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19 Sep 2014
See a doc if you have red eye, it may not be conjunctivitis

Microsporidiosis, A Rare Condition, Affecting Many

Sep 19 2014 : The Times of India (Navi Mumbai)

Monsoon has been traditionally associated with greater incidence of conjunctivitis. However, another similar but rare eye infection called microsporidiosis is also being noticed by doctors here.

This condition is often mistaken to be conjunctivitis, leading to wrong treatment. Aryan Bhatia (12), a student, said, “When I had red eyes, I visited my local practitioner. When the eyes did not show improvement, my general practitioner referred me to Dr Vandana Jain at Advanced Eye Hospital. There I was told that it was not conjunctivitis.“

Dr Jain, Cornea Specialist at Advanced Eye Hospital and Institute, Navi Mumbai, said, “Microsporidiosis is caused by a parasite that tends to affect the cornea in the form of small superficial raised whitish infiltrates. These lesions change location and shape and tend to resolve over a few weeks. All we ophthalmologists do is remove these lesions with a cotton bud and give preventive antibiotic eye drops.We repeat this procedure many times.“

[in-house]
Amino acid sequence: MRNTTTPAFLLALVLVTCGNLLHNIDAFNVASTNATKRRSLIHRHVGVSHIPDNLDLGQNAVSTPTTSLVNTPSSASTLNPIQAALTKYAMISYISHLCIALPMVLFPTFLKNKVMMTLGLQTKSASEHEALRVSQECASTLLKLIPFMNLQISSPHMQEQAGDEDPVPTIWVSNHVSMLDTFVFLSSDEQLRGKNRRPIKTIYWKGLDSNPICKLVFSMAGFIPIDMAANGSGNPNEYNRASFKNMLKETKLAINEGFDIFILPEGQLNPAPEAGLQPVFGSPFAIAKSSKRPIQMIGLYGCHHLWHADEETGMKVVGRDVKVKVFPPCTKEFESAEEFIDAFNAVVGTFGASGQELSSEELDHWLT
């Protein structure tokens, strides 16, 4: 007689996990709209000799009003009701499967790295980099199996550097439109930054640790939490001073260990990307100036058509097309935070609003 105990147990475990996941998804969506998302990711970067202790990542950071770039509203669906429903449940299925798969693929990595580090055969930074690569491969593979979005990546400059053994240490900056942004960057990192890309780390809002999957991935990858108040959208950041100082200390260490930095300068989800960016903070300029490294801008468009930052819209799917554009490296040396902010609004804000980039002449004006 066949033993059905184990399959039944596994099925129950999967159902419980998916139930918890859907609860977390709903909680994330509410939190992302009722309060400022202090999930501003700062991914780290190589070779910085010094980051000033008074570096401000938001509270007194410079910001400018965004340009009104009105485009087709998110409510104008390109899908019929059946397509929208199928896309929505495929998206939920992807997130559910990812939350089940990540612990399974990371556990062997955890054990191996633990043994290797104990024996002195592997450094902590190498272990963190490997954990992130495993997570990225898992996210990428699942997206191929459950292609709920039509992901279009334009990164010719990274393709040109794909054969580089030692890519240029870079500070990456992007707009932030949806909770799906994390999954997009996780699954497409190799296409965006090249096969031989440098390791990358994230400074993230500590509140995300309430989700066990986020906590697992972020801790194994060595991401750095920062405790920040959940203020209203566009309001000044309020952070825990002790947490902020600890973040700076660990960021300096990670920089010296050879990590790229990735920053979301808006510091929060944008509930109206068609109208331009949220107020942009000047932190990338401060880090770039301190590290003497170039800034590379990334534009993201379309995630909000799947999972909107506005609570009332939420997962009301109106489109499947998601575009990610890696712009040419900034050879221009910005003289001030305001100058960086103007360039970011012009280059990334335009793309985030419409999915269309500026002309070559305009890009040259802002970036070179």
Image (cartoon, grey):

Dr Prashant Jawade of the Vashi civic hospital, said, “We are cautioning and advising people to keep their eyes clean and use clean napkins while wiping their face or hands. During monsoon, we do see cases of viral conjunctivitis and other eye ailments.“ Microsporidiosis is not contagious like viral conjunctivitis. In this condition, redness and discharge is lesser compared to conjunctivitis. Microsporidiosis spreads by contact of the eyes with contaminated water. Those, who enjoy swimming or are likely to get exposed to contaminated water or mud during outdoor picnics, should make it a point to wear safety goggles. Even if you are within the safe confines of your home, it is best to avoid splashing too much water on the eyes.

Authored By: Vijay Singh